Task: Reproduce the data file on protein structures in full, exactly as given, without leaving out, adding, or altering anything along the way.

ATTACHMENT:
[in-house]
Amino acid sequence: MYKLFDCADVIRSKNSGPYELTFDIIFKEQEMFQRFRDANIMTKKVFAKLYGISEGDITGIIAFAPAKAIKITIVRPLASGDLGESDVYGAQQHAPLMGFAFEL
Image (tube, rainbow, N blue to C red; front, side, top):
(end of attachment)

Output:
[in-house]
Amino acid sequence: MYKLFDCADVIRSKNSGPYELTFDIIFKEQEMFQRFRDANIMTKKVFAKLYGISEGDITGIIAFAPAKAIKITIVRPLASGDLGESDVYGAQQHAPLMGFAFEL
Image (tube, rainbow, N blue to C red; front, side, top):